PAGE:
Tamarind: Also called Indian date, concentrated tamarind pulp is used to add a somewhat sour flavor to chutneys and curries. Limes are an acceptable substitute. Try it in Lamb Shank Vindaloo.

Turmeric: This ground dried root has a characteristic musky, earthy aroma and a pungent, slightly bitter flavor. Turmeric is a powerful yellow-orange coloring agent, used as a dye for fabrics and foods such as pickles, relish, and chutneys, plus rice, lentil, and vegetable dishes. Turmeric is thought to aid the digestion and to work as an anti-inflammatory agent. Try it in Super Easy Oven-Roasted Okra.

Additional spices: Indian food is so rich with spices that what we have above is only a partial list. For a well-stocked pantry, you might consider stocking up on peppercorns (the source of "heat" in spicy foods before the introduction of chiles), fennel seeds, poppy seeds, bay leaves, black mustard seeds, nigella seeds (kalonji--sometimes called black onion seed), saffron, and asafoetida.

Chiles: Indigenous to America, chiles were introduced into India by the Portuguese. They are essential ingredients in making vindaloo curries (itself a perversion of a Portuguese word vindalho, which combines the words "vinho," for vinegar, and "aldos," for garlic.) Indian cuisine makes use of both fresh chiles (whole, minced, or made into a paste) and dried chiles. If a recipe calls for chile powder, use ground cayenne pepper — do not use a spice blend. Try cayenne in Jonagold&aposs Chicken Vindaloo.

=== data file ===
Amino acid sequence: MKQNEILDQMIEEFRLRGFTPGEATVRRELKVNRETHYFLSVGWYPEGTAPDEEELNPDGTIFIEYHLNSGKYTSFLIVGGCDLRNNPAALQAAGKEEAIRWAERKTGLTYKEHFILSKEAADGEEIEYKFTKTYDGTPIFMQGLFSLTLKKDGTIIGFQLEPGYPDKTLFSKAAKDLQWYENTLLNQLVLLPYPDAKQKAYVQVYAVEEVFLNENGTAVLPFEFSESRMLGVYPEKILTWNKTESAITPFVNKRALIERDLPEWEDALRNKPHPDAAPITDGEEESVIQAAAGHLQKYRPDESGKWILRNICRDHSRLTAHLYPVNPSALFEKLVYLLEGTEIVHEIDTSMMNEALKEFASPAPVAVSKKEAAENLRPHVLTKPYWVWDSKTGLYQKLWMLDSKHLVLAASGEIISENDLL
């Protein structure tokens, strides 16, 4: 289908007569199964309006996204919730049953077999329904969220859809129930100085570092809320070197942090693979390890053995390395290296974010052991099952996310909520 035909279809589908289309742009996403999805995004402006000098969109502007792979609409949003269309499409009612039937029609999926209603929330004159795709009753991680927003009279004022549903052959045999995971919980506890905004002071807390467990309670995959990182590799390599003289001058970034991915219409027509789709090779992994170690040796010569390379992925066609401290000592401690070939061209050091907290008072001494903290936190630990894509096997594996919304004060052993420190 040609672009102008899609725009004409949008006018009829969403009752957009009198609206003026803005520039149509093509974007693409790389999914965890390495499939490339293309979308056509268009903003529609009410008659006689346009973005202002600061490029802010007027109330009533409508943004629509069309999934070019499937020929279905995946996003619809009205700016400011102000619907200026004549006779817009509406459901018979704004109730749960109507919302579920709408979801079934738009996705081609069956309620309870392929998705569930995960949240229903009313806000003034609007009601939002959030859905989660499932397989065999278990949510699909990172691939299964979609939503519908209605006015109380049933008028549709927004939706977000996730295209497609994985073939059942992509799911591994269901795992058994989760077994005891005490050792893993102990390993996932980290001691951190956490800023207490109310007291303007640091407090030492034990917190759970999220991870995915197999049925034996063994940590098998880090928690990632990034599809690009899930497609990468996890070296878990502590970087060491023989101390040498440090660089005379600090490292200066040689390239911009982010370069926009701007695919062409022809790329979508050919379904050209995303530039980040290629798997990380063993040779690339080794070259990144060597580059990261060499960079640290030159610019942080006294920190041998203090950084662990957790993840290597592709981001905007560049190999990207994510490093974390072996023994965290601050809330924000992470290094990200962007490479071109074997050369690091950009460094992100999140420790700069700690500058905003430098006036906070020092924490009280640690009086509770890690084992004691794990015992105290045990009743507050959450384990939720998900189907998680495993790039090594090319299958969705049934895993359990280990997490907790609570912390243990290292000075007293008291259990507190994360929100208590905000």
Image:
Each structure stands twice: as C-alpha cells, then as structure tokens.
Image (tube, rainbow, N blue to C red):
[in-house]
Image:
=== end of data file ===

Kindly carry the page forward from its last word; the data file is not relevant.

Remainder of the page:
Coconuts: The milk and oil from coconuts are important particularly in Southern Indian cooking where it is popular in curries. Grated coconut is often used in desserts or added to sauces. Try coconut milk in Mango Coconut Sauce.


Baking Substitutions for Pantry Staples

There are some baking ingredients that are essential in many recipes, and it's helpful to always have these on hand. When a recipe calls for a certain pantry staple that you are out of stock on, turn to these homemade baking substitutions. The Homemade Buttermilk Substitute shown above, for example, uses just milk and lemon juice or vinegar. It can be substituted for buttermilk in any recipe! I used this recipe with my Homemade Bisquick to make buttermilk pancakes from scratch, and they were some of the best pancakes I had ever made. All of these copycat recipes for baking substitutions will make your life easier when you're making cakes, pies, cookies, or any other baked good.